“I always wanted to play ball,” remembers Dave Martin. “When I was younger, I signed up for every team that was playing in town: basketball, softball, or baseball. I played center fielder in high school. When I grew older, I organized a softball team just so I could continue to play.”
“I was out of college and getting ready to start work when I got my notice to report to take my army aptitude test. It was to test my intelligence and identify my abilities. I just wanted to coach and didn’t see how a stint in the army would enhance my career opportunities.”
It was 1951, and the Korean War was going strong. I arrived to take my test only to find another budding sports star was to sit right behind me. They lined us up alphabetically, so Martin was in front of Mays. Willie Mays, currently playing triple A ball for the Minneapolis Millers. Mays kept whispering over my shoulder, “How you do dat’ Martin?”
Mays passed the test and was drafted into the army once he finished his first season with the Brooklyn Giants. Dave reflects, “I often wondered if I hadn’t of helped him, perhaps he would have flunked and would not have been drafted. Perhaps he would have played two more years in the majors. And perhaps in those two years, he would have hit enough home runs to eclipse Ruth’s record before Hank Aaron. It is just a thought I have once in a while.”
I preferred to go to the Army like Mays, but the Marines drafted me that year. Though a fine specimen, I knew I wasn’t Marine material. I was in shape enough to make it through basic, but I was placed behind a typewriter for the two years in service.
That same year I watched a triple A budding star from Kansas City play the Minneapolis triple A team. Mickey Mantle was playing against Mays. Martin was stuck in the Marines, and Mantle and Mays went on to be become Hall of Famers as center fielders and hitters.
Mantle and Mays made history and wrote their name in the archives of baseball history. Mantle hit 536 home runs. Mantle still has the record for the longest home run ever hit. Mays finished his career with 660 home runs, finishing third on the all time home run race.
Martin made the record book too.
At Hector Minnesota, Dave batted 1000% by leading the church from a small, struggling congregation into a growing and healthy church. He led countless people to the Lord, and began his live Sunday afternoon television program that included his 6 daughters singing, his wife playing the piano, and Dave preaching.
At Lacrosse Wisconsin, Dave batted 1000% by leading the Evangelical Free Church into tremendous growth. He began a youth choir of over a 100 kids during the 60’s; kids the church had all but given up on because of their radical look and hair styles. Dave shaped this rag-tag group of young people into an award winning group of singers that traveled the United States singing and giving their testimonies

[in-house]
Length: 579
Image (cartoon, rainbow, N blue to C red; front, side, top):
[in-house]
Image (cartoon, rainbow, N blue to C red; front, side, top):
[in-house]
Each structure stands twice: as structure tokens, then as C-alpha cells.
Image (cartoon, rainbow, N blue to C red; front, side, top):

At Glenview Evangelical Free Church in Chicago Dave batted 1000%, by giving his all to this metropolitan church. The church grew, Dave became a national figure in the Evangelical Free Church, and his family of six girls were maturing and all heading into different ministries.
In Iowa, Dave finished up his working career, batting a 1000% as the District Superintendent of the Evangelical Free Churches. He started a church planting program that was modeled across the nation in other Evangelical Free Church districts.
Dave is still batting 1000%. He beat off a fierce battle with a stroke and overcame a weakened heart. He is still at the plate, winning life’s game every day. Touching lives and still hearing the calls from the plate, “Well done, good and faithful servant.”
“Your name may not appear down here
In this world’s Hall of Fame
In fact, you may be so unknown
That no one knows your name;
The headlines here may pass you by,
The neon light of blue,
But if you love and serve the Lord,
Then I have news for you.
This Hall of Fame is only good
As long as time shall be;
But keep in mind, God’s Hall of Fame
Is for eternity.
This crowd on earth they soon forget
The heroes of the past.
They cheer like mad until you fail
And that’s how long you last.
But in God’s Hall of Fame
By just believing on His Son
Inscribed you’ll find your name.
I tell you, friend, I wouldn’t trade
My name, however small,
That’s written there beyond the stars
In that Celestial Hall,
For any famous names on earth,
Or glory that it shares;
I’d rather be an unknown here
And have my name up there.”
Poem read by Bobby Richardson at Mickey Mantle’s funeral in 1995
May’s divorced and was on the verge of bankruptcy in the 60’s. He retired from the Met’s in 1973. Both Mantle and Mays were banned from baseball for two years because they worked as greeters for a casino in Atlantic City. Mantle had a liver transplant in 1995, and was diagnosed with cancer during the operation. He died shortly after, but not before making a confession to his good friend, Bobby Richardson, that he accepted Jesus Christ as his Savior and Lord. Mays is still alive and promotes the sport of baseball.
Mantle, Martin, and Mays. No doubt, three great center fielders; and one great servant of God.
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